Religious conflicts should always be approached from a carefully neutral position. The therapist must walk a fine line between the traditional psychoanalytic bias against religion as pathological on one hand and naivete about the potential of some religious systems for undermining a healthy sense of self on the other. Even though the client may claim to have rejected her or his former beliefs, the therapist should remain neutral. Emphasizing negative aspects of a once strongly held way of being in the world may trigger defense of something with which the client is still unconsciously identified. Criticism of past beliefs may be misconstrued as criticism of the client for having believed them. There may be shame in having once accepted as true things that now seem untenable.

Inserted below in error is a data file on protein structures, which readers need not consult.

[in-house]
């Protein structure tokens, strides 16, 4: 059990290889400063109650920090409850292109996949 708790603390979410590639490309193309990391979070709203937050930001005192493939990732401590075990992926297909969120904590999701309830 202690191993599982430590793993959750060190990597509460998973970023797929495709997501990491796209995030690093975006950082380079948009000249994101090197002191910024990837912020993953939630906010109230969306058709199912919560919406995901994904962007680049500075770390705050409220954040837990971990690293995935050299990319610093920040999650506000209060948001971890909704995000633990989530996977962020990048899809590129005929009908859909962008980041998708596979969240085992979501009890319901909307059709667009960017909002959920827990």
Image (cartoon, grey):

The former member should be encouraged to look at the positive aswell as negative aspects of having belonged to a restrictive religious group. It is often helpful to approach the involvement as a developmental stage that was important, in ways both good and bad, in shaping the individual's life. As with any other developmental stage, the restrictive belief system was eventually outgrown. But unlike most other life stages, there is rarely a readily apparent next stage for the former believer to move on to. This is especially true with groups that actively discourage awareness of other systems of thought and lifestyles. Group members may know nothing about other religions, the humanities, or modern critical thought. Education in schools operated by the group, where all ideas are filtered through the shared belief system, tends to increase social and cultural isolation. Thus the former member may be unaware of alternative approaches to spiritual and existential questions. Support for spiritual and philosophical explorations, in contrast to the limits set by the former belief system, will help validate the client's capacity for independent thought. Without the unequivocal pronouncements that once guided them, former members of restrictive groups are apt to feel lost and confused. In any transition, there is a naturally occurring period of time between the collapse of old beliefs and their replacement by a new set of guiding principles. Kuhn's (1970) account of the disorientation that occurs when a scientific viewpoint once thought to be definitive fails to fit emergent facts can be applied to the similar confusion that comes with shifts in religious belief. Bridge's (1980) concept of an "empty" middle phase in transitions is also helpful in normalizing the ex-believer's sense of confusion and inner emptiness as a natural part of the process of moving beyond outmoded views about self and the world.